Taking care of interior plants

How to Take Care of a Snake Plant

Nidhi Nangia
By Nidhi Nangia. Updated: April 28, 2019
How to Take Care of a Snake Plant

Snake plant or sansevieria trifasciata is one of the most tolerant plants you will ever come across and is a great office plant. It grows almost automatically, and you can leave it neglected for weeks at a stretch. They can survive well even in low light conditions, and encounter very few insect related problems. In addition, they are helpful in keeping the inside air clean, and removing toxins like benzene and formaldehyde from the home. Here at oneHOWTO, we are sharing a few tips on how to take care of a snake plant.

You may also be interested in: Best Large Indoor Plants For Low Light

Steps to follow:


First of all, when you plant the snake plant, always start with a good potting medium. Do not plant it in the garden soil at first. You can transplant it to garden soil only when the roots of the plant start coming out of the pot after breaking it through.


As far as placing the snake plant is concerned, make sure that you keep it in correct light conditions. You may put it in north, west or east on a windowsill all through the year. But if you have a window facing south, put the pot around one foot away towards the window’s side, especially if you are living in the northern hemisphere. Make sure to give bright fluorescent light to the plant, which will be enough for the plant to keep flourishing.


To care for a snake plant, if your window receives intense sunlight in the day, make sure to use sheer drapes for filtering it. Also remember to turn the pot a little bit every week to ensure that every part of the plant receives uniform light.

How to Take Care of a Snake Plant - Step 3

A snake plant does not need frequent watering, especially if you are living in a cold climate or if you have kept the pot in an air conditioned room. This plant has heavy leaves that have enough water retained in them already. So, do not water the plant unless the pot feels quite dry and leaves start drooping.


The water that you give to the plant should be at room temperature, and prefer rainwater or distilled water if possible. If you are giving tap water, keep it untouched for 48 hours first so that the fluorides and chlorine dissipate. When you water, pour the water along the plant’s sides and keep it away from the leaf clump’s center.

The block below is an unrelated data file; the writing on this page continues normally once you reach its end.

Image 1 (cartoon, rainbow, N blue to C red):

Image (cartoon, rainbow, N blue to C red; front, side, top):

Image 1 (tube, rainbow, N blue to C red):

A snake plant should be fertilized once during the spring. Use a houseplant fertilizer that you should mix exactly as per the instructions. Mix the fertilizer in the watering container and fertilize the plant in the spring.


Snake plant leaves should be regularly wiped off with a damp cloth, especially if dust accumulates on them. Don’t wash them, as this plant does not require frequent watering. You should look for symptoms of dryness before you water it, such as dry leaves. Usually, they can be left without watering for 2-3 weeks.

How to Take Care of a Snake Plant - Step 7

You should transplant a snake plant only if it grows out of the pot you used initially. You may see the roots coming out of the small pot’s drain holes. This indicates that it needs a bigger space to flourish fully. Thoroughly water after transplanting and add soil when it settles.

If you want to read similar articles to How to Take Care of a Snake Plant, we recommend you visit our Gardening & plants category.

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What did you think of this article?
This was very helpful :D
I got my first houseplant (a snake plant, but you probably already guessed that 🌿) two days ago... And I really don't want it to die! My friend (her bedroom is a jungle, plants are her 'thing') told me to water it, wait about a few weeks or so and poke a toothpick into the soil - if it came out clean, then to water it again. Is this an okay approach? And, she said the exact volume of water wasn't really important, but I have really no clue how much to use, so any advice would be greatly, greatly appreciated :) Tysm.
OneHowTo Editor
Hi Linn,

The toothpick trick is a great way to test the moisture levels of the substrate, but you could even do the same putting a dry finger into the soil. It depends how messy you mind being!
I rescued two snake plants from my local wilkos…. They had not been treated well.
Some leaves are bent and have scars running right through the middle from top to bottom and most of the tips are snapped. Since I’ve had them I’ve got new growth in the middle, but it’s very slow. Should I remove the scarred/damaged leaves ??
Matthew Nesbitt (oneHOWTO editor)
Hi, yes, removing the damaged leaves is a good idea.
Rosemary Cobb
Some of the plants get soggy and the fall over, what am I doing wrong?
OneHowTo Editor
Hi Rosemary,

Are you over-watering them? If you do this, the substrate can become waterlogged. Maybe you should re-pot them in a planter with holes at the bottom to allow excess water to drain through.
I would like considerate how to take care of alo vera
OneHowTo Editor
Can a snake plant grow well outdoors in zone 5?
OneHowTo Editor
Hi Stacie,

They can indeed be grown outdoors, but are best suited to zone 10 or 11.
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How to Take Care of a Snake Plant